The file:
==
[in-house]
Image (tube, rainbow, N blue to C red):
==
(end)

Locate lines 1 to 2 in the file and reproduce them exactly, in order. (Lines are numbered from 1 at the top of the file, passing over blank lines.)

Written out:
[in-house]
Image (tube, rainbow, N blue to C red):